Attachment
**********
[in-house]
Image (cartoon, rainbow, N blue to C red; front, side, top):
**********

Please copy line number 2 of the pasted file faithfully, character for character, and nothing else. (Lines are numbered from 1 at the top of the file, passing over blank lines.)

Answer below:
Image (cartoon, rainbow, N blue to C red; front, side, top):